14 Stars Who Made It Big Thanks to the Annual Edinburgh Fringe Festival
Every year, Edinburgh fills up with comedians, actors, singers, variety acts, and performers of all types for the historic Fringe Festival. The Edinburgh Fringe Festival is the world’s largest arts festival and was established in 1947 as an alternative to the Edinburgh International Festival in order to feature more indie and out-of-the-box performers.
One of the only festivals that accepts every admission, the Edinburgh Fringe has been a launching-off point for many celebrities, such as Alan Rickman and Robin Williams, who might not have made it big otherwise. Because of the festival’s accessibility, major reviewers from all over the world have the opportunity to bring lesser known performers into the spotlight. So who are some celebs that were actually discovered at the Edinburgh Fringe Festival?
Any up-and-coming female comedian or performer is familiar with the story of Phoebe Waller-Bridge’s Fleabag. While she had bit acting roles in the UK and in film beforehand, her one-woman show, Fleabag, which was first performed in its entirety at the 2013 Edinburgh Film Festival, is what brought Phoebe true acclaim. The Emmy winner is now a household name thanks to the Fringe.
Emma Thompson, Stephen Fry, Hugh Laurie, and Tony Slattery
All of these film and television stars are celebs in their own right, but their careers were launched by a collaborative performance at the 1981 Edinburgh Fringe. The four now-famous actors starred in a production of Footlights, which won the Fringe’s very first Perrier Award. Emma Thompson is the only person to have won an Oscar for both writing and acting, while Fry and Laurie are considered the apex of comedy duos.
One of the most beloved comedians of all time, Robin Williams actually got his big break thanks to the 1971 Edinburgh Fringe Festival. He played Tranio in his student theater company’s production of Taming of the Shrew, which won the Fringe’s Best Production award. The late Robin Williams has since starred in movies from Mrs. Doubtfire to Jumanji to Dead Poets Society.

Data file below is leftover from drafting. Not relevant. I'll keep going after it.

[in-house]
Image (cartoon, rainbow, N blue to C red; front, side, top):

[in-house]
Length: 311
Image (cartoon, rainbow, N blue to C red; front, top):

Some just know Rowan Atkinson as Mr. Bean, but before becoming the iconic comedic character, Rowan was part of the Oxford Theatre Group in 1973. They performed at several Edinburgh Fringes, but in 1976, they performed alongside Richard Curtis, who would go on to write Blackadder and Mr. Bean. After being spotted by producer John Lloyd, Rowan and Richard’s careers took off.
A household name in the United Kingdom, Graham Norton is popular for his talk show, but he actually got his start at the Edinburgh Fringe in 1991. He did a comedic drag performance dressed as Mother Teresa called Mother Teresa of Calcutta’s Grand Farewell Tour, which got some attention from the Scottish Television’s religious affairs department. They mistakenly thought Graham was representing the real Mother Teresa.
Another British star, Miranda Hart is now popular for her original series, Miranda, which won her several British comedy awards and BAFTA nominations. But before making it big, Miranda brought shows to the Edinburgh Fringe from 1994 to 2005, until she performed her show called Miranda’s House Party, which later launched her career and television series.
Often a topic of controversy, comedian/writer/actor Russell Brand got his start at the 2000 Edinburgh Fringe Festival. He was allegedly thrown off the stage for throwing a microphone stand at hecklers. But after he went back in 2004 with his confessional show chronicling his heroin addiction, he was able to launch his 2006 comedy tour and his career.
Before becoming Austin Powers and Shrek, Canadian comedian-actor Mike Myers performed in an improv duo act with American comedian Neil Mullarkey at the 1985 Edinburgh Fringe. After that, Mike, Neil, and the following act, Paul Merton, collaborated to open London’s Comedy Story Players later that year, and hence, continue on to fame and success.
Yes, the man we know today as Severus Snape, among many other iconic film roles, often lauded as one of the greatest actors of all time, got his start at the Edinburgh Fringe. In 1976, he starred in a double bill of Shakespeare’s Measure for Measure and Ben Jonson’s The Devil Is an Ass, which he often described as his first major acting role.
Known mostly for her complex roles in movies such as The Lobster and The Favourite, as well as her Academy Award winning performance as an activist in The Constant Gardener, Rachel Wiesz also began her career at the Edinburgh Fringe. She founded theater company Talking Tongues with fellow student Sasha Hails, which performed an improv duo act called Slight Possession at the 1991 Fringe. It won Rachel a Guardian Youth Drama Award, and the rest is history.
Although The Daily Show host Trevor Noah was already well-known in his home country of South Africa, when he brought his show to the 2012 Fringe Festival, everything changed. His show was called The Racist, and won him the Malcolm Hardee Award for Act Most Likely to Make a Million Quid … which came to fruition.
This is of course just a small selection of the many performers and artists who have found acclaimed success after their Edinburgh Fringe runs. But now the biggest question is, who will be the Fringe’s next big name?